The University of Texas System Building

The University of Texas System Building | Austin, Texas

To consolidate the offices of The University of Texas System from five buildings into one, DPR built a 19-story, 330,000-sq.-ft. high rise office building in downtown Austin.

From the preconstruction phase through project completion in early 2018, DPR coordinated work with 28 different departments that would be located in the University of Texas System Building. The project team navigated challenges ranging from noise and sound isolation requirements to the complex demolition of three structures within a zero-lot line construction zone – all while meeting the project’s 35-month schedule and shaving $700,000 off the owner’s budget through various cost saving measures.

High Degree of Quality and Cost Control

The cast-in-place concrete structure includes one level of underground parking and eight elevated parking floors encompassing a total of approximately 725 parking spaces; two amenity floors and mixed-use spaces; and nine office floors. The LEED Silver certified facility features highly energy-efficient materials to keep building occupants cool in the Texas heat, with floor-to-ceiling windows providing natural daylighting.

A key building highlight and project success involved construction of the Board of Regents board room, an innovative, modern space containing the latest in audio visual and video conferencing systems and numerous high-end features. The boardroom is located directly below an elevated speed ramp in the parking garage. DPR incorporated several noise and vibration mitigation measures to ensure that vehicles traversing the speed ramp directly above could not be heard or felt during formal board presentations.

The project team also employed extensive quality and cost control measures on the project, including applying cost of ownership analysis to several alternative building systems to determine the best value for the owner.

The

Challenges

Among the many project challenges, none was more all-encompassing than coordination work required with 28 different university departments located in five buildings to consolidate them into the new high-rise facility. Monthly updates to all of the stakeholders was essential, beginning during preconstruction and continuing all the way to project completion. Many Vice Chancellors were quoted as saying that they loved the construction progress photos DPR presented along with construction process techniques and construction obstacle examples.

Photo: Demolishing the existing structures on site before construction of the new high-rise could begin required DPR to dismantle the structural building components piece by piece.

Another key challenge pertained to DPR’s work demolishing the three existing structures within a zero-lot line construction on the project site. Noise reduction and sound isolation requirements to protect neighbors who were located just 20 feet away from the face of the building brought further challenges.

The

Solutions

Demolishing the existing structures on site before construction of the new high-rise could begin required DPR to dismantle the structural building components piece by piece – essentially building the building in reverse. Crews used mesh screen protection to prevent objects from leaving the project site. To reduce dust migration, they utilized dust and boss misting cannons and water jets attached to the hydraulic excavator.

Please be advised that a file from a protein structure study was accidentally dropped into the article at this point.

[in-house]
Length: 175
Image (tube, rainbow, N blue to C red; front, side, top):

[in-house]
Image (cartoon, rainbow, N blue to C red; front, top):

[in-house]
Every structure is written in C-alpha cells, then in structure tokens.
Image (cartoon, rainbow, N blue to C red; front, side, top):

Techniques to protect neighbors from noise and vibration disruptions included using whisper quiet generators, replacing back-up alarms on all vehicles and equipment (including the entire fleet of the concrete mix company), and installing sound deadening window inserts within neighbors’ windows.

Photo: Techniques to protect neighbors from noise and vibration disruptions included using whisper quiet generators, replacing back-up alarms on all vehicles and equipment.

“Sound measurements were taken multiple times per day to ensure that our noise levels were below the City’s and the University’s requirements,” said DPR’s project executive Jason Choyce. “These sound readings were presented at monthly neighborhood meetings. In addition, we provided free car washes and tire repairs as needed.”

Photo: “Sound measurements were taken multiple times per day to ensure that our noise levels were below the City’s and the University’s requirements,” said DPR’s project executive Jason Choyce.

Partnering was another solution embraced by the entire project team, helping resolve potential conflicts before they escalated and smoothing the way to successful completion.

Photo: Partnering was another solution embraced by the entire project team, helping resolve potential conflicts before they escalated and smoothing the way to successful completion.

The

Results

The University of Texas reported a high degree of satisfaction with the project, which helped create an environment that improves efficiencies, collaboration, organizational effectiveness and creativity throughout the UT Austin campus. According to the University: “DPR was the glue that facilitated the owner and design team alignment, helping move the project forward to a successful outcome.”

Photo: The University of Texas reported a high degree of satisfaction with the project, which helped create an environment that improves efficiencies, collaboration, organizational effectiveness and creativity.

Project

Awards

Associated Builders and Contractors, Central Texas Chapter

Excellence in Construction Merit Award 2017

The project received a 2017 Excellence in Construction Merit Award in the Mega-Projects: Over $100 Million category from the Associated Builders and Contractors, Central Texas Chapter.

Photo: To consolidate the offices of The University of Texas System from five buildings into one, DPR built a 19-story, 330,000-sq.-ft. high rise office building in downtown Austin.